Local Students Fight to Capture Kony

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CLEVELAND -- A 30 minute film with a powerful message has gone viral in two days with more than 41 million views on YouTube.

Social networking sites like Twitter and Facebook have also seen more than 500,000 hits.

The film called “Kony 2012” shows the atrocities being committed by Ugandan rebel leader Joseph Kony and his violent regime.

Nine years ago three San Diego film students stumbled upon a boy named Jacob during a trip to Uganda and learned that he was one of an estimated 30,000 children ripped from their families and forced into war or used as sex slaves by Joseph Kony.

Kony is also accused of killing and mutilating tens of thousands of children and adults.

The non-profit group Invisible Children was formed, and through film, hopes to save the children and pressure government leaders to capture Kony.

"I think it's awesome,” said Baldwin Wallace student Nicole Kinnan. "I've been trying to tell people about this and it was going nowhere and no one knew and then all of the sudden everybody did.  It was so great."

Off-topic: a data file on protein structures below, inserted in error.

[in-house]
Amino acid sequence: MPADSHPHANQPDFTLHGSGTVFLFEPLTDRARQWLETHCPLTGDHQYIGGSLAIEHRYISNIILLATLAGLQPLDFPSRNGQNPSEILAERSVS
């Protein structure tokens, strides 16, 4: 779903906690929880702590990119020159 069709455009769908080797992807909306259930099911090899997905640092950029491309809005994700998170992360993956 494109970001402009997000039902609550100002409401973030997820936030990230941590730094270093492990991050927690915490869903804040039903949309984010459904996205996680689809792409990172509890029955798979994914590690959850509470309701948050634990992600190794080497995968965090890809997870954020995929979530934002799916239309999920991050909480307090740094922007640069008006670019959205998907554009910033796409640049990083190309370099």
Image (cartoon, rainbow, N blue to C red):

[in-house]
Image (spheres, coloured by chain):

Many students from across the country like Nicole and her fellow BW friend, Rachel Crespo, have taken up the cause.

Dozens of Hollywood celebrities are also on board, including Oprah, Rihanna and Justin Bieber.

They want to pressure government leaders around the world to get involved.

“Our hope is to finally find him because he’s moving all over Africa,” said Crespo.

In October, President Obama sent 100 U.S. troops to work with the Ugandan Army but so far Kony has evaded capture.

“He surrounds himself with the children and escapes,” said Crespo.

People can donate money or purchase merchandise in support of Invisible Children at their website.

Click here to go to the Invisible Children website.

Sign the pledge here.

The money helps educate the children of Africa and keep them safe.

“It makes me appreciate everything we have so much,” said Kinnan. “We have so much more but it also makes me feel like I have to do something. I have resources, I have comforts, so why not use what I have to make a difference?”

On April 3, representatives from Invisible Children will be going to the campus of Baldwin Wallace for a special screening of Kony 2012.

The event will be held at 7 p.m. in the student activity center.